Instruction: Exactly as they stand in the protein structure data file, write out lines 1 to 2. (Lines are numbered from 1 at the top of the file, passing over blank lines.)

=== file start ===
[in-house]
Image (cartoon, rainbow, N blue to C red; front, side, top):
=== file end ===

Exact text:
[in-house]
Image (cartoon, rainbow, N blue to C red; front, side, top):